The Telegraph has noted:
PIRC has calculated the amount of bad debts the banks may have to write off in coming years but have yet to subtract from profits, together with other items such as deferred bonuses not booked.
HSBC, which is the biggest bank by assets, was shown to have £10.4bn of hidden losses, the Royal Bank of Scotland has £9.4bn, and Barclays has £7.3bn. Lloyds Banking Group has £2.5bn and Standard Chartered £2.2bn. Together the undeclared losses total £31.8bn.
The research shows the distorting impact the accounting rules, which allow bad loans to remain hidden, have on bank results. PIRC applied old-style UK GAAP accounting rules, which applied for 100 years until 2005, to the figures released in the 2012 banks’ accounts.
This is the course the work of my old friend and ally Tim Bush who is a long term critic of International Financial Reporting Standards , and rightly so.
How did this happen? How could it be that banks can have their accounts signed off when they are so very obviously not true and fair because they include losses that everyone knows will happen but which are not anticipated? The answer is in those four words International Financial Reporting Standards.
IFRS replaced UK GAAP – a century old tradition in 2005. OK, it was partly the EU’s fault – I accept that – but the project would not have existed without the Big 4. The Big 4 accountants – PWC, KPMG, Deloitte and Ernst & Young – wanted IFRS to suit its clients. And it wanted it for another reason – because the related auditing standards that they also drove through changed their obligations to report.
The combination has been lethal for our economies. First of all as the rules of the IAASB (International Auditing and Assurance Standards Board), which now sets auditing standards and which is also Big 4 dominated, says, an audit is:
The purpose of an audit is to enhance the degree of confidence of intended users in the financial statements. This is achieved by the expression of an opinion by the auditor on whether the financial statements are prepared, in all material respects, in accordance with an applicable financial reporting framework. In the case of most general purpose frameworks, that opinion is on whether the financial statements are presented fairly, in all material respects, or give a true and fair view in accordance with the framework. An audit conducted in accordance with IASs and relevant ethical requirements enables the auditor to form that opinion.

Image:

The wording is not a chance: the emphasis is on compliance with the financial reporting framework first; the consequence of being true and fair is assumed to follow, but is consequential, not the goal. So, true and fair was defined by these firms as ticking the boxes, not whether there was an actual true and fair view. The old rules of prudence, for example, which required that auditors did, come what may, anticipate losses went out of the window.
And that was deliberate, of course. The Big 4 wanted to curry favour with their clients. Anticipating profits reduced profits and that reduced directors bonuses, so that would never do, especially in banking. So IFRS abandoned the principle of prudence and its so called ‘anticipated loss’ model i.e. you wrote a debt off when you realised it was unlikely not to pay. Instead in came a “realised loss’ model which meant you only wrote a loss off when it actually could not pay. That’s what’s deferred the loss recognition process which PIRC have identified. And having a convenient change in the auditing rules to say an audit only meant box ticking, not that the accounts could be relied on to show a true and fair view in any reasonable auditor’s judgement, let all banks sweep bad news under the carpet.
The result is bank accounts have been misstated, I suggest deliberately.
The further result is some of our banks may now or have been insolvent when they have claimed otherwise.
And some may have been or may still be paying dividends that could be illegal.
And, of course, they won’t lend because they know all of this.
As do the Big 4, who created the system so bankers could have their bonuses. And the Big 4 could have big fees.
That’s how it works.
And the real question is – how come we outsourced accounting, company law and auditing regulation to the Big 4 so they could rig the system in this way and entirely outside democratic control?